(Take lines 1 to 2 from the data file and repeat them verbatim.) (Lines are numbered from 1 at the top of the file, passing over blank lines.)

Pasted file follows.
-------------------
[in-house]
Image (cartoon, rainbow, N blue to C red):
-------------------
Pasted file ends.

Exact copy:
[in-house]
Image (cartoon, rainbow, N blue to C red):